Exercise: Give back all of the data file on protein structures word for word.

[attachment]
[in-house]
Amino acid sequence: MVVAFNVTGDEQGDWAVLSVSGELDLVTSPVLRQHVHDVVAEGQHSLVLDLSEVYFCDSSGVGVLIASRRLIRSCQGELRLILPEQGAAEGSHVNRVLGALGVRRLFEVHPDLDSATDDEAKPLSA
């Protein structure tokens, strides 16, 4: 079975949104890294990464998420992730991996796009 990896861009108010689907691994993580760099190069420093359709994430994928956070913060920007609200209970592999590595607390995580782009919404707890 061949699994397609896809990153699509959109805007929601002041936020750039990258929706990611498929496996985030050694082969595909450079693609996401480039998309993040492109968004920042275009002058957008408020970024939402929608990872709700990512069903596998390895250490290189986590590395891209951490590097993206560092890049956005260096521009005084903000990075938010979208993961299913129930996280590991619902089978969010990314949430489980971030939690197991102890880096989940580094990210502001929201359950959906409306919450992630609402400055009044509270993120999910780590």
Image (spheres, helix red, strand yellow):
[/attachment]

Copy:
[in-house]
Amino acid sequence: MVVAFNVTGDEQGDWAVLSVSGELDLVTSPVLRQHVHDVVAEGQHSLVLDLSEVYFCDSSGVGVLIASRRLIRSCQGELRLILPEQGAAEGSHVNRVLGALGVRRLFEVHPDLDSATDDEAKPLSA
């Protein structure tokens, strides 16, 4: 079975949104890294990464998420992730991996796009 990896861009108010689907691994993580760099190069420093359709994430994928956070913060920007609200209970592999590595607390995580782009919404707890 061949699994397609896809990153699509959109805007929601002041936020750039990258929706990611498929496996985030050694082969595909450079693609996401480039998309993040492109968004920042275009002058957008408020970024939402929608990872709700990512069903596998390895250490290189986590590395891209951490590097993206560092890049956005260096521009005084903000990075938010979208993961299913129930996280590991619902089978969010990314949430489980971030939690197991102890880096989940580094990210502001929201359950959906409306919450992630609402400055009044509270993120999910780590």
Image (spheres, helix red, strand yellow):